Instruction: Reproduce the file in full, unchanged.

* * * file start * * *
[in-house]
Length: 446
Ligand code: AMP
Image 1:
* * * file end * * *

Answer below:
[in-house]
Length: 446
Ligand code: AMP
Image 1: